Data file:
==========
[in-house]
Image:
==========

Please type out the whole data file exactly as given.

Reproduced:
[in-house]
Image: